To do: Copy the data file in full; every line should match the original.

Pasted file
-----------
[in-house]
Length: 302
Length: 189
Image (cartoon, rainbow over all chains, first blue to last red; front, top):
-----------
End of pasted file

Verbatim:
[in-house]
Length: 302
Length: 189
Image (cartoon, rainbow over all chains, first blue to last red; front, top):